Openness to the concerns of the world means, then, for the Church that is detached from worldliness, bearing witness to the primacy of God’s love according to the Gospel through word and deed, here and now, a task which at the same time points beyond the present world because this present life is also bound up with eternal life. As individuals and as the community of the Church, let us live the simplicity of a great love, which is both the simplest and hardest thing on earth, because it demands no more and no less than the gift of oneself.
Dear friends, it remains for me to invoke God’s blessing and the strength of the Holy Spirit upon us all, that we may continually recognize anew and bear fresh witness to God’s love and mercy in our respective fields of activity. Thank you for your attention."
Pope Benedict bid farewell to Germans at Lahr airport at the end of his four day state visit to his native land.
VATICAN CITY, 25 SEP 2011 (VIS) - Today at 6 p.m. the Pope travelled fifty kilometres by car from the city of Freiburg im Breisgau to Lahr airport for his return flight to Italy. The departure ceremony was attended by German President Christian Wulff, to whom the Pope again expressed his thanks, as well as by various German bishops, representatives of the civil authorities and large numbers of faithful.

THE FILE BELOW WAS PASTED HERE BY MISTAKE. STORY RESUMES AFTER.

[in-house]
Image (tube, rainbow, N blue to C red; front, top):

Here is the full text of his remarks at the departure ceremony:
Mr President of the Federal Republic,
Distinguished Representatives of the Federal Government,
of Baden Württemburg and its Communities,
"Dear Brother Bishops,
Ladies and Gentlemen,
Before leaving Germany, I would like very much to thank you for these days, so moving and eventful, spent in my native land.
I am grateful to you, President Wulff, for welcoming me in Berlin in the name of the German people and now, at the moment of my departure, for again honouring me with your gracious words. My thoughts turn to the representatives of the Federal Government and the governments of the Länder who are present at this departure ceremony. I offer heartfelt thanks to Archbishop Zollitsch of Freiburg, who accompanied me throughout the journey. I likewise express my gratitude to Archbishop Woelki of Berlin and Bishop Wanke of Erfurt, who also showed me hospitality, and to the entire German episcopate. Finally I offer a particular word of thanks to all those who worked behind the scenes before and during these four days in order to ensure that all went smoothly: to the civic institutions, to all those engaged in providing security, health services and public transport, and to the many volunteers. I thank all of you for these splendid days, for our many personal encounters and for your many signs of attention and affection.
In Berlin, the Federal Capital, I had the particular opportunity of addressing the members of the Bundestag and presenting some reflections on the intellectual foundations of the state. I also readily think of the fruitful conversations which I had with the Federal President and the Federal Chancellor about the present state of the German people and the international community. I was particularly touched by the cordial welcome and enthusiasm shown by so many people in Berlin.